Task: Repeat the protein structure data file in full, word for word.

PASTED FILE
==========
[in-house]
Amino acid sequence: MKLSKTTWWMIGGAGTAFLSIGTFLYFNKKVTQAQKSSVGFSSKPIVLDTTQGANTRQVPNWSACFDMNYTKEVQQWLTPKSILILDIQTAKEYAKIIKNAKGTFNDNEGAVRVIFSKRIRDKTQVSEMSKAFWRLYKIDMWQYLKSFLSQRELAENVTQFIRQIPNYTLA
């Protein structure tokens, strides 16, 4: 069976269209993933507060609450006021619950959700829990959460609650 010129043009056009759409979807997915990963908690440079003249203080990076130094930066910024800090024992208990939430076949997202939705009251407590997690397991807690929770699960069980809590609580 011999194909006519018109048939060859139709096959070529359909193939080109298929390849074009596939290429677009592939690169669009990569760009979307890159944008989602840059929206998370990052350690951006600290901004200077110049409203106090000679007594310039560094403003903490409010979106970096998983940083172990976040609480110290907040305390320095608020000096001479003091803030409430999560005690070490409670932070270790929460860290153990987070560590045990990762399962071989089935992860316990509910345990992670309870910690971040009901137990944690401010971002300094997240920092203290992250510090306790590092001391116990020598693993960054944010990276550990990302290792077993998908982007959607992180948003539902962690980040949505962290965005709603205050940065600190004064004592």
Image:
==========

[in-house]
Amino acid sequence: MKLSKTTWWMIGGAGTAFLSIGTFLYFNKKVTQAQKSSVGFSSKPIVLDTTQGANTRQVPNWSACFDMNYTKEVQQWLTPKSILILDIQTAKEYAKIIKNAKGTFNDNEGAVRVIFSKRIRDKTQVSEMSKAFWRLYKIDMWQYLKSFLSQRELAENVTQFIRQIPNYTLA
């Protein structure tokens, strides 16, 4: 069976269209993933507060609450006021619950959700829990959460609650 010129043009056009759409979807997915990963908690440079003249203080990076130094930066910024800090024992208990939430076949997202939705009251407590997690397991807690929770699960069980809590609580 011999194909006519018109048939060859139709096959070529359909193939080109298929390849074009596939290429677009592939690169669009990569760009979307890159944008989602840059929206998370990052350690951006600290901004200077110049409203106090000679007594310039560094403003903490409010979106970096998983940083172990976040609480110290907040305390320095608020000096001479003091803030409430999560005690070490409670932070270790929460860290153990987070560590045990990762399962071989089935992860316990509910345990992670309870910690971040009901137990944690401010971002300094997240920092203290992250510090306790590092001391116990020598693993960054944010990276550990990302290792077993998908982007959607992180948003539902962690980040949505962290965005709603205050940065600190004064004592």
Image: